How do I figure size for original felting project?

I am a geometry teacher and I usually see patterns and designs in my mind. I could not find a pattern that suited my needs for a handbag for my daughter so I decided to make up my own. I am having so much fun…but I have a question, because I now want to make up a pattern for a felted purse. If I wanted to make up a pattern for a bag and then felt it , are there any guidelines as to how much you can expect the project to decrease in size…What I am really asking is how large should my project be to have a finished pocket book that will end up about 8" by 2 1/2 in. base and about 8" high.

Will it make a difference if the yarn is 100% as opposed to 50% wool. (BTW, the company says the 50% will felt but suggest using hot water in washing machine and then drying in dryer–it is Lion brand Landscapes yarn)

To estimate the shrinking you usually do a test swatch that you felt.
Like make a 4’ X 4’ swatch and then measure again after the felting procedure.

If your like me and like to be surprised(or don’t have enough yarn to do a test swatch) just make the bag about 50% bigger than the smallest bag you would like.
I don’t think that there’s a yarn that shrinks more than 50%(others might prove me wrong here :wink: ) and so you will at least end up with an appropriate sized bag.

As for the Landscape: I found a similare yarn over here and knitted+felted a bag with it. You can see the result here. It shrank about 40%.

The shrinking percentage is different from one yarn to another and it also depends on how you tread it…

Thanks, I did not know if I would have enough yarn…but I will try that soon…your doubling idea is a great suggestion.

Does the needle and weight of the yarn have anything to do with it…because to me it seems that if you knit tightly with bulky yarn that once you try to felt since the stitches are already dense and that the project might not felt as well.

Javede, I noticed on your site that you’re in Germany. So is my daughter. If you see her, would you please tell her to GO HOME! :?eyebrow: Her mother misses her. :crying:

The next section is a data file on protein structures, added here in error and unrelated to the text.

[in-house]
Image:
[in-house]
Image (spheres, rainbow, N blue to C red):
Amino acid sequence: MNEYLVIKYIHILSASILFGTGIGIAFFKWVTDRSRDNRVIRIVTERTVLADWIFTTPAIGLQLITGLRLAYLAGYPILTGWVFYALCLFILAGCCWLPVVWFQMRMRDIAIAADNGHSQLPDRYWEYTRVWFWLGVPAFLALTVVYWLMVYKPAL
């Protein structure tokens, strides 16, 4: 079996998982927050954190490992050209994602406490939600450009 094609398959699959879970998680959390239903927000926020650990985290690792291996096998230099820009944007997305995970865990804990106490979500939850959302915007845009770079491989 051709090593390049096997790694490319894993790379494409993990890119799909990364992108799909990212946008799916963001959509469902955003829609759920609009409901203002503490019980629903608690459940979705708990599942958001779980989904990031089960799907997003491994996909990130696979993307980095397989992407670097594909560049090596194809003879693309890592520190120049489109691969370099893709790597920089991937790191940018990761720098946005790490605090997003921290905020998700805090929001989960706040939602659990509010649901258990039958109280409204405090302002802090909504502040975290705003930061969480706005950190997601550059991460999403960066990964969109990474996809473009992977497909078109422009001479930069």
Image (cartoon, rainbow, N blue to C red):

Sorry, couldn’t help myself. :blush: Back to the discussion at hand. :lol:

Amy wrote a GREAT post about felting a while back…boy, am I glad that I copied it and saved it on my hard drive, as I can’t find it for the life of me!! Here is what it said:

Here’s just about all I know about felting!

Felted projects are usually knit on larger needles than normal for the yarn. They also shrink dramatically, and the rate at which they shrink is dramatically different for different yarns, so it’s best not to combine different yarns if you’re going for consistency; unless you’ve done a test felt and confirmed they have the same rater of shrinkage. Remember to use wool or other animal fiber. You can test to see if the fiber felts, by trying to make a felted join, as on the basic techniques/ more page. Wool will always felt, but wool blends and other animal fibers you probably want to test.

Be aware that felting can dramatically change the proportion of your item. Felting shrinks more height-wise (over the rows), than it does width-wise (over the stitches).

Here’s a useful link for figuring out the math from your own test swatch, to determine how many stitches to cast-on. I’ve had similar results as the sample given, in my own felting experiences. Here’s my own numbers, using’s wool of the andes yarn, and size 10 1/2 needles. I started with a gauge of 3.5sts and 4.75rows to the inch, in stockinette. (The yarn is normally knit at 4.5sts/inch, but it’s done bigger for felting.) I wouldn’t worry about having an exact guage to begin with; if it’s too big, you just felt it longer, ya know? If you’ve knitted with smaller needles, like those normally used for the yarn, you can still try to felt it. I imagine you’d just felt it less.

Here’s how I figure out how big to make something. These numbers are based on a test swatch I did. I’ve found that the shape of the object can affect how it’s felted when done in a washing machine, so this is not fool proof. I used a top-loader washer, and hot water, and two pairs of jeans , or other objects to add friction without adding lots of lint to your felted project. Soap is not necessary, and I imagine it may felt better without soap; but I’ve also felted with soap, so do what you like.

Size is in inches…

For good, well-felted, slightly dense finish:
Stitches: (desired size) x 1.2 = pre-felting size.
Rows: (desired size) x 1.42 = pre-felting size.

For very dense felting:
Stitches: (desired size) x 1.43 = pre-felting size.
Rows: (desired size) x 1.78 = pre-felting size.

I’m going to make a large bag based on these numbers. I may tweak these numbers when I’m done. We’ll see how accurate they are for a larger object. The biggest challenge with figuring out these numbers, was that the square test swatch looked hour-glass shape in the end! I dont’ know why that was! I took the measurement of the most shrunken area; so we’ll see if that holds true for the actual project.

Happy felting!

Thank you so much…I really appreciate the info…